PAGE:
Author’s opinion: Numerous supporting documents about the effectiveness and efficacy of hypnosis in high-end medicine can be found in the literature. But even the recognition as a scientific method did not lead to a broad approval among physicians or a widespread application of hypnosis in medicine.

Conclusions: Future trials have to be designed to meet present scientific criteria in order to ameliorate the recognition of hypnosis in medicine. An increasing number of basic researchers, which apply hypnosis in their experiments, could support this endeavor.

Keywords: Hypnosis in modern medicine, proof of effectiveness, hypnosis as a scientific method, efficient use in hospital and medical practice

Winfried Häuser, Klinikum Saarbrücken

Is hypnosis a well-establised treatment of internal medicine?
, 2010, 5(1+2), 237-252

Scope of the review: It is assessed by a systematic review whether hypnotherapy is a wellestablised treatment for diseases or diagnostic or therapeutic procedures of internal medicine.

Methods (Publication time span, publication origin): Medline was searched the 11th of july 2009 by the strategy „Hypnosis“ [Mesh] AND „Review“ [Publication type]. If systematic reviews of hypnotherapy in internal diseases or diagnostic or therapeutic procedures in internal medicine were found, Medline was searched for metaanalyses for these topics. Moreover the database of the German Association of Medical Scientific Societies was searched if German S3 guidelines recommend hypnotherapy for these indications.

Results: The search of literature yielded 751 hits. Systematic reviews of hypnotherapy in irritable bowel syndrome, functional dyspepsia, fibromyalgia syndrome, asthma bronchiale, diabetes mellitus, chronic pain syndromes, side effects of chemotherapy, palliative care and endoscopy were found. Metaanalyses were available for irritable bowel syndrome and chemotherapy induced nausea and vomiting. A recommendation for the use of hypnotherapy was only found in the guideline on irritable bowel and fibromyalgia syndrome.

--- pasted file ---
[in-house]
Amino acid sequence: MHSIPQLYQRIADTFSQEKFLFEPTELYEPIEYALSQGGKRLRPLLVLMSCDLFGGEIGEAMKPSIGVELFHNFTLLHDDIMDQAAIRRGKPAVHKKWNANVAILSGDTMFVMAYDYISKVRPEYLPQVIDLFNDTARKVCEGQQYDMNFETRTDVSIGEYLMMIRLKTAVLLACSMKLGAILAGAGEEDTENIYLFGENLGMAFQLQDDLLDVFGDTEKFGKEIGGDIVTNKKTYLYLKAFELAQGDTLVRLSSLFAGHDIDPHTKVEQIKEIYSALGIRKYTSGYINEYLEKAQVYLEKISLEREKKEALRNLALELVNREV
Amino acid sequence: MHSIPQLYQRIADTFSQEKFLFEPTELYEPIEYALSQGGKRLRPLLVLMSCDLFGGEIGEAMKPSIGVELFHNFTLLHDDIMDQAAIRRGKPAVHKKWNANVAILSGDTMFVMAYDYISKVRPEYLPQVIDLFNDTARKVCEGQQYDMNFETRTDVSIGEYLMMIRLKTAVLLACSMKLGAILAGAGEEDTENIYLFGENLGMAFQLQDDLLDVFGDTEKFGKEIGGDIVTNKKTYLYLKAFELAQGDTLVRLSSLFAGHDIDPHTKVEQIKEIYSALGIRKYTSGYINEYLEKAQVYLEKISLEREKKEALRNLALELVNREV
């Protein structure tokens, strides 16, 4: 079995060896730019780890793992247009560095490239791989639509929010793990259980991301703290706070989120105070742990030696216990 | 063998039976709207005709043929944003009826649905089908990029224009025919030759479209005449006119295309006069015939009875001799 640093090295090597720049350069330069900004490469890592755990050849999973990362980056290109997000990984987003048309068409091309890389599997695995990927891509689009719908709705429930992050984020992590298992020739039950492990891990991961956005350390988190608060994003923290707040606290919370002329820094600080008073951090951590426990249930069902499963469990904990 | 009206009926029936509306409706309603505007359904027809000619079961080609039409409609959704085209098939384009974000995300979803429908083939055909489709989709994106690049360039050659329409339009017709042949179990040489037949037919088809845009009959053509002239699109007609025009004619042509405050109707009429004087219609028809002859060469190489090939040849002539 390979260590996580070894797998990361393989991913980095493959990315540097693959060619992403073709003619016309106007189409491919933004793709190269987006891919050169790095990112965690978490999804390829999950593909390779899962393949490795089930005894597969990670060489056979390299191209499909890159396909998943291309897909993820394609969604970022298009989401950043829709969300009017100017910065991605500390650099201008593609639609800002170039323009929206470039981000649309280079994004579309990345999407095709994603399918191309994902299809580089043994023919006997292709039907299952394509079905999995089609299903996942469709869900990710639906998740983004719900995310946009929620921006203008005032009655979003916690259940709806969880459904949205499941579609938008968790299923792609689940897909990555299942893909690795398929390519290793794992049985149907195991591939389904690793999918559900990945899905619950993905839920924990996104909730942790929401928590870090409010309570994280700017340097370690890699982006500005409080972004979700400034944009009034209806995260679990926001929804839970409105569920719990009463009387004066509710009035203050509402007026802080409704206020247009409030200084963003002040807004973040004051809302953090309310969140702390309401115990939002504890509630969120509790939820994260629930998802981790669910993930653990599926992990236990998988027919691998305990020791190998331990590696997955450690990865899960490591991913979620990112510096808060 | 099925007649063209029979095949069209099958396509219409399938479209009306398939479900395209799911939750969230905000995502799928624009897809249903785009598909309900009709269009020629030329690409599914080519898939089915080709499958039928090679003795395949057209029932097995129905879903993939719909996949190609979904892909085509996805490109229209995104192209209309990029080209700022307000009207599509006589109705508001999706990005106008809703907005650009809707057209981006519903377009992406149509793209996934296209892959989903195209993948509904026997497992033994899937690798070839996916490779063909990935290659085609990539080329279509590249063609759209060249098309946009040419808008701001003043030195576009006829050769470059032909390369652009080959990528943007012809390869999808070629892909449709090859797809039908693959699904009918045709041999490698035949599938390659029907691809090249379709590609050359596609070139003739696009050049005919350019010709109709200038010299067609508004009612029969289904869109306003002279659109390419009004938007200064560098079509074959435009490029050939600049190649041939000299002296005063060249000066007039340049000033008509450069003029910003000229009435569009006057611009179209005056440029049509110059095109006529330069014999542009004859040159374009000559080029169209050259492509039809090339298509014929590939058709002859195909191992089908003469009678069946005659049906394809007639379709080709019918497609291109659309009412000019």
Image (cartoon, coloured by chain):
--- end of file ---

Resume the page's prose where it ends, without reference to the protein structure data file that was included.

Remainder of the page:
Conclusions: Hypnotherapy can become a well-establised treatment of irritable bowel and fibromyalgia syndrome. Further high quality randomised controlled trials with hypnotherapy in these disorders and an engagement of hypnotherapists in the development of medical guidelines are necessary to achieve this goal.

Keywords: Hypnosis, internal medicine, irritable bowel, syndrome, fibromyalgia syndrome, systematic review, guideline

Walter Tschugguel, Medizinische Universität Wien, and  Sabine Tschugguel, Universität Wien

The Problem of producing evidence of effectiveness and efficacy of hypnotherapy in clinical trials – A stimulation article
, 2010, 5(1+2), 253-269

Major theme: The randomized controlled trial research methodology, originally developed for pharmaceutical research, does not commensurate with clinical hypnosis research.

Logical development of the theme: Hypnosis is a therapeutic method essentially based upon relationship between persons, personal development and context. By contrast, scientific justification of hypnosis is reasoned and publicized through means of studies the methods of which ideally correspond with methods of well controlled pharmaceutical trials.

Authors` point of view: Hypnosis research, by investigating hypnosis relevant criteria such as relationship, personal development and context cannot neglect its essential criteria by restricting to measure effect sizes.

Inferences: Hypnosis research should use adequate methods not only comprising natural science but also phenomenology and hermeneutics (understanding). Such methods are already part of modern psychotherapeutic research.

Keywords: hypnosis, hypnotherapy, efficacy, effectiveness, RCT, research paradigm, psychotherapeutic research

Susanne Merl, Goldbergklinik Kehlheim

Hypnosis in an obstetric emergency – a case report
, 2010, 5(1+2), 271-277

A pregnant woman (44 years old, 30th week of gestation) was sent to the hospital by her general practitioner because of high blood pressure: suspected preeclampsia. After a vicious cycle of anxiety and helplessness got started, compounded by the stress reactions of the surrounding people, the author (a specialist in gynecology and obstetrics) utilizes the securing and soothing potential of therapeutic communication by interacting supportively and giving clear suggestions. To minimize the risk for the unborn infant the author decides to accompany the patient on her one hour ride in the emergency ambulance to a specialized hospital. In hypnosis, induced by the offered suggestions, the “real” dramatic transportation ride turns into a vacation experience (including horse back riding), based on her memories of a stay on the island of Forteventura some years ago. On arrival, after reorientation from hypnosis, she reports to feel “relaxed and calm, like after a short vacation trip”. Her blood pressure is still not back to normal, but considerably improved: an optimal result, compared to the conditions in the beginning. Some reflexions about the integration of therapeutic communication in the delivery room (“Your contractions are like waves, coming and going, carrying your baby into the world”) are added to the case report, followed by remarks about the influence of her experiences of this kind on her medical practice and professional self awareness.

With a postscript of Hansjörg Ebell

Keywords: case report, hypnosis, obstetrics, preeclampsia

The Heidelberg Hypnosis Trial 1936

A woman under hypnotic influence for seven years. A case of ruthless exploitation being discovered? Part 2

Hypnose-ZHH, 2010, 5(1+2) 299-303

Part 1 (including abstract) was published Hypnose-ZHH, 2009, 4(1+2), 237-251. To be continued.